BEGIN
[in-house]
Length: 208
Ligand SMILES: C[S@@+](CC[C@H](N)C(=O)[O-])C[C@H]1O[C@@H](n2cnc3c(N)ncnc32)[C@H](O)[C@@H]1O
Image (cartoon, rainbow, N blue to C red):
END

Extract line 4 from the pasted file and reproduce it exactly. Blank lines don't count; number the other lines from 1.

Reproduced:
Image (cartoon, rainbow, N blue to C red):